Both hydraulic and mechanical dredging methods were employed to excavate approximately 12,000 cubic yards of material from the reservoir bottom. A 35-foot-diameter cofferdam was installed at the reservoir bottom to facilitate the retrieval of the MTBM, and establish the underwater connection for the intake. Approximately 7,000 cubic yards of tremie concrete were utilized to secure the intake structure, following which, the MTBM was meticulously lifted from 160 feet below the water’s surface.

The MTBM, a pioneering creation by Herrenknecht, a German construction equipment manufacturer, was equipped with explosion-proof (Class I, Division II) electrical components, and tunnel support accessories designed for operation in “gassy” environments.

It also was given the name “Miss Diane” by Arciszewski in memory of his sister, who passed away in 2014.

“The name had a double meaning for me,” he explains. “Traditionally, a TBM is named after a girl for good luck. So, ‘Miss Diane’ was after my sister, but I also miss Diane.”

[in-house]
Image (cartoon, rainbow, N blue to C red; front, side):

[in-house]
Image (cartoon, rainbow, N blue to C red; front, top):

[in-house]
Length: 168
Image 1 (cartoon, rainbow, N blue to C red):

Unearthing History

As the project is wrapped up, the crew remembered the alluring New York scenery fondly.

“The area up here is incredibly beautiful,” said Arciszewski. “when you’re driving to the job site, you have a beautiful mountain view and beautiful trees. It is a great location. Everyone out here, especially longtime Southland employees, can tell you that this is a great part of the country.”

The are surrounding the Schoharie Reservoir in upstate New York has been a place locals have called home since before the United States was formed. The Gilboa settlement was established around 1760 – 16 years prior to the signing of the Declaration of Independence.